Lima was the base for the Naj-Audrey invasion of Peru.
We were there briefly before heading to Macchu Picchu, and again upon coming back.
It was a gray city, overcast, with endless films of dust and damp salt air.
Food was tasty (grenadillas, sandwiches, jugos, and ceviche), and neighborhoods were lively.
The people added some color – in clothing, threats of robber taxis, and friendliness.
We were in the Miraflores district, where most expats live. It’s nicer and more expensive, and has a giant American mall.
The mall, while sterile, overlooks a great ocean view.
We went to Cuzco to acclimate to the altitude before taking on Macchu Picchu. The Sacred Valley has lots of ruins reflective of different construction styles and religious phases. Cuzco’s at 11600 feet of altitude, so to help ourselves adjust, we were welcomed to our hostel with coca tea. Coca leaf tea is rather flavorless, and really felt kinda like a few random leaves.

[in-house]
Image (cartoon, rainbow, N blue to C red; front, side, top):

Wandering around Cuzco, we saw the Cathedral, and Qoricancha, the sun temple. The temple construction is notable for the smoothly surfaced, tightly interlocking bricks. One of our guides pointed out the difference between the temple’s bricks, and the more roughly hewn slabs at other, less formal locations.
Incidentally, the temple was taken over by a church when the Spanish came along. The church is still attached to the building, and you can pay to tour it too…but most people don’t seem to bother.
Really though, it was great just walking around the area. The streets are still cobblestone rock, and the layout of the city seems frozen in the narrow pathways evolved in Incan times. Not only were many of the paths one-way, but they were so narrow that they only supported a single file walkway along with the narrow car path.